Tip of the Arrow

From Baltic slop to Roaring Forties juice, meet the unbreakable Odd Grimm Persson.

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Odd Grimm Persson might be a strange-sounding name in English, but in his native Swedish it means “the tip of the arrow.” It’s fitting, given how Odd came to surfing. He was raised in a tiny village on the Baltic Sea, where waves usually come at night in ferocious windstorms. 

“I would surf alone in the darkness,” Odd says, “sometimes by my dad’s car headlights. I learned not to be scared. I learned to love the strong wind and wild waves.”

Quickly, his surfing of “wild waves” sparked an interest in big ones.

“My dad took me to Mullaghmore, Ireland, when I was 16,” Odd says. “We watched guys towing in. All I wanted to do was be out there. The next day, I paddled into 15-foot waves for the first time. Chasing big waves became a calling.”

I met Odd in 2015. He was 18 and living in J-Bay. He asked if he could come out to Dungeons with me. I said no. But when I got out to the lineup the next day, he was already there, looking at me with sheepish defiance. I decided to help him. Over the next few years, and many sessions at South Africa’s big-wave spots, Odd became capable and comfortable in large surf. 

(Feature image) Far from home, Swedish national Persson commits to a steel-nerved drop at South Africa’s Sunset Reef—the spot that nearly left him paralyzed. (Above) Overcoming physical and mental injuries is, for him, just part of the big-wave game. 

In 2018, Odd, Matt Bromley, and I were surfing Cape Town’s Sunset Reef. It was 15 feet with sideshore wind. Matt and I watched Odd get hit by a set and washed 100 yards inside. He signaled for help. I got to him first. Odd was disoriented, mumbling, “I can’t feel my legs.” I kicked furiously under his limp body while supporting his neck. Matt paddled for shore, dragging the two of us by his leash. I’d ditched the other two boards, which were smashing against us in the whitewater. We made it a half-mile to the beach.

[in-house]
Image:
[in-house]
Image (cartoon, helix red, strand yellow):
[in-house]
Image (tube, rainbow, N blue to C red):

“I was concussed, and paralyzed from the chest down,” says Odd. “The second wave bent my spine the wrong way. When I got to the hospital, the doctor told me he thought my back was broken in two places. He did an X-ray to confirm his diagnosis, and when he came back, he thought he was looking at someone else’s results. He was so confused: My back was fine. I was up and walking again the next day. It’s a total mystery to me.” 

Odd was back out in big surf just a few months later, though the effects were long term.

“I was physically recovered, but my headspace was ruined,” he says. “Mentally and emotionally, it felt like I was beating my way through an overgrown path. I would spend hours lying in a dark room, depressed. Then I took two more huge wipeouts at Sunset and things got worse. I did a rugby concussion test and the doctor told me that another big hit could be life threatening. I got an appointment with a brain specialist, who told me to take a year off from big waves. I knew he was right, but stopping surfing for that year was the hardest thing I’ve ever had to do.”

While Odd was recovering, something unexpected from his wipeout was taking shape. We’d lost track of the boards we ditched during Odd’s rescue. I expected them to wash ashore in the following hours, but they never showed. A few weeks later, two hikers in a remote part of West Coast National Park spotted my board on the shoreline, nearly 100 miles from where I’d last seen it. Thankfully, I’d written my contact info on it. Eleven weeks later, Odd received an email from a tour guide who’d stumbled upon his board on the dune belt about 100 miles south of Walvis Bay, Namibia—a distance of roughly 850 miles from Sunset Reef. “Though my board had been at sea for three months,” Odd says, “it was still in perfect condition. I needed closure on that season of my life and decided that paddling it into a big wave at Sunset would give me that. Injury is something you have to live with. But I realized that while you can be pushed to the limits of fear, it’s only for a finite amount of time. We don’t get to stay in that place forever. We only get to pass through it. I think if you stop surfing big waves after a bad experience, then you weren’t meant to be out there in the first place.”

[Photos by Alan van Gysen]